Have you ever thought, “Hypnosis sounds great, but I’m not sure I can be hypnotized. I have to be in control, and I have trouble relaxing.” Or maybe, “I’m very stubborn.” or “I don’t have a very good attention span.”
If you have, you aren’t alone. Many people are surprised to learn that hypnosis is a natural state of consciousness that we all typically experience several times a day.
Have you ever found yourself so immersed in an activity, like working on a task, playing a game, or reading a book, that you were less aware of other things happening around you? Maybe someone came into the room and spoke to you, and while you knew they were there, you didn’t hear what they’d said? Whenever this happened for you, you were experiencing a different level of conscious awareness, and this is exactly what happens during hypnosis.
Another great example is a phenomenon called “highway hypnosis” which refers to the experience of driving along a familiar route, only to find that there is a landmark or whole town you don’t remember going through. You were using your subconscious mind in a state of “auto-pilot” to do the familiar task of driving the car while your conscious mind got bored with the familiarity and wandered off. If something had changed significantly enough, your conscious mind would have snapped back to attention, all without you even being aware that anything had been happening behind the scenes.
When you experience hypnosis with a professional hypnotist or with a therapist, they are using specific language patterns and suggestions to induce the same type of alteration in your conscious awareness. In this state, you are more receptive to new ideas and suggestions, and changes in thought patterns and behaviors can be made easily without practice or reinforcement.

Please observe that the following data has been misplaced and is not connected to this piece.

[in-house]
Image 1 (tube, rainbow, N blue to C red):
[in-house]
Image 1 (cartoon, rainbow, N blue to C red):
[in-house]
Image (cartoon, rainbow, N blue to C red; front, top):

What Is Required to Be Hypnotized?
All that is required to be hypnotized is a willingness to participate in the process and to make positive changes in your life. No matter how good the hypnotist is, they can’t make you do anything.
No two people are just alike, and no two people experience hypnosis the same way. While some may go very quickly into a deep trance that resembles sleep, other people experience the process as a lighter state of trance and are fully aware of everything happening around them. An experienced hypnotist knows which tools and techniques to use to get each client to that state of consciousness that allows change to happen more easily.
Why Does Hypnosis Work?
To understand how hypnosis works, we can look at the mechanics of the mind.
Your mind is the conceptual framework of the processes of your brain, and it is made up of three parts. Imagine an iceberg, with the little part on top, the water line, and the big part of the iceberg underneath.
That big part represents your subconscious mind, and it is immense, and very powerful. Your subconscious mind is in charge of everything that you don’t have conscious control over, like all of your body functions, and also your habits, your behaviors, your emotions, and your inner dialogue.
Your subconscious mind speaks in the language of imagination and emotion and it's always acting in your best interest. When we experience behaviors and feelings that don't fit into how we want to be right now, that's often because the subconscious mind is working with outdated information. We learn from the moment we're born how to interact with the world around us, and all of those lessons and strategies stay with us until we replace them with something better.